Fair Value Measurement

Date recorded:

The IASB and the FASB discussed several issues connected with their efforts to issue converged fair value measurement guidance based on ASC Topic 820 and the IASB's exposure draft Fair Value Measurement.

Definition of fair value

The Boards confirmed individually to define fair value as an exit price. The definition would be 'the price that would be received to sell an asset or paid to transfer a liability in an orderly transaction between market participants at the measurement date'.

Although some IASB members would prefer the Standard to refer to 'exit price' (both to avoid the emotive term 'fair value' and to be explicit about the measurement objective), the Boards agreed to retain 'fair value' as the term the Standard will use.

Fair value at initial recognition

The Boards discussed whether to confirm the proposals in paragraph 36 of the Fair Value Measurement ED, which contains a list of situations indicating when a transaction price might differ from fair value, is sufficient; and whether a comment that the 'list is not exhaustive' should be added.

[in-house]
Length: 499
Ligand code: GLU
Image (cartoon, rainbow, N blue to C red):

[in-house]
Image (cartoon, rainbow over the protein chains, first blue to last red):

The IASB agreed to conform the forthcoming IFRS to the language used in ASC Topic 820-10-30-3 that 'a transaction price might not represent the fair value of an asset or liability at initial recognition if any of the following conditions exist:

  • (a) the transaction is between related parties;
  • (b) the transaction takes place under duress or the seller is forced to accept the price in the transaction;
  • (c) the unit of account represented by the transaction is different from the unit of account for the asset or liability measured at fair value; and
  • (d) the market in which the transaction takes place is different from the market in which the entity would sell the asset or transfer the liability.'

The Boards explicitly refused to make any comment about the list not being exhaustive: in the view of many around the table, to do so would be to invite abuse.

Board members also discussed condition (b) and observed that the wording should be more explicit that an orderly transaction in an inactive market may still represent fair value as defined. When there is a lack of market activity, it may be that more work is required to determine that the transaction price does represent fair value.

Recognition of Day 1 gains and losses

The IASB did not agree with a staff proposal that he IASB should address the recognition of Day 1 gains and losses in the fair value measurement project. A majority of the IASB thought that addressing 'when' to recognise a Day 1 gain or loss represented scope creep in a 'how to do fair value' Standard and created unnecessary noise in that Standard.

Measuring liabilities at fair value

After a long discussion, the IASB agreed that the IFRS should:

  • (a) require an entity to measure the fair value of a liability, in the absence if a quoted price in an active market representing the transfer of a liability, as follows: